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Building Bridges on Capitol Hill

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By Evan Bayh, Tom Carper and Blanche Lincoln
Wednesday, March 25, 2009

Last week, the three of us announced the formation of a moderate Democratic working group in the U.S. Senate.

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Even though the White House and Senate leadership praised the group's formation, some commentators reacted by reporting signs of a rift and a power struggle within the Democratic Party. Others accused the 16 members of our group of trying to obstruct the president's agenda.

We understand the Beltway impulse to emphasize conflict and the blogosphere's concern that Democrats stick together. But as the group's founders, we feel compelled to set the record straight.

We formed our working group because we recognize both the difficulty and the urgency of accomplishing a huge and ambitious agenda. We must act quickly and decisively to repair our financial markets and start to turn the economy around. In addition, we believe that President Obama is correct when he says that we cannot afford to wait any longer to fix health care and transition to a clean-energy economy.

These are titanic and complicated tasks, and we believe that many worthwhile policy solutions can be found in the practical center -- ideas that also have the benefit of appealing to vast segments of the American electorate. Unfortunately, the Republican leadership has basically decided to stay on the sidelines to let the Democrats carry the load of reform alone.

As moderate leaders, it is not our intent to water down the president's agenda. We intend to strengthen and sustain it. Moderation is not a mathematical process of finding the center for its own sake. Practical solutions are practical because they offer our best chance to make a difference in people's lives today without forcing our children to pick up the tab tomorrow.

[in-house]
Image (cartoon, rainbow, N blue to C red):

The stakes are too high for Democrats to fear a policy debate. Such debates produce better legislation. On nearly all important votes, a supermajority of 60 senators will be needed to pass legislation. Without Democratic moderates working to find common ground with reasonable Republicans, the president's agenda could well be filibustered into oblivion.

Beyond the chessboard of the Senate, nearly half of the U.S. electorate calls itself moderate, and more than half of the rest identify themselves as conservative. That means Democrats could capture every liberal vote and half of the moderates and still lose at the polls. Many independents voted for President Obama and the contours of his change agenda, but they will not rubber-stamp it. They are wary of ideological solutions and are overwhelmingly pragmatic. Many of them live in our states and in the states of the other senators who have joined our group.

To represent them, the three of us will seek to pursue a set of core principles. First, we want to help shape and pass a far-reaching agenda to address America's most urgent domestic problems. Second, we seek to promote ideas that spur long-term, private-sector economic growth. Third, we will pursue fiscally responsible solutions to put our debt-ridden nation on a sustainable path that protects and strengthens the American middle class.

In all of these areas, we share a bond with President Obama as well as with the House and Senate Democratic leadership. That is not to say that we will always agree on every detail of their agendas, but we do agree that our role is to be constructive, not obstructive. We plan to be a positive force in our caucus, exemplified by the constructive role a number of us played in making reasonable adjustments to garner the GOP votes needed to pass the president's economic recovery package.

In 1993, the three of us, as much younger politicians, stood with great expectations as the last Democratic president was sworn in with big plans, a head of steam and a Democratic Congress ready to begin a new progressive era. In less than two years, it all came crashing down, with disillusioned moderate voters handing the GOP broad congressional victories in 1994.

The moment has arrived again for our party to lead. Our group hopes to work constructively with members on both sides of the aisle to make the big changes that America needs today and tomorrow. We believe that is the best way to help our president and our nation rise to the moment and meet the enormous challenges before us.

Evan Bayh (Ind.), Tom Carper (Del.) and Blanche Lincoln (Ark.) are Democratic members of the U.S. Senate.


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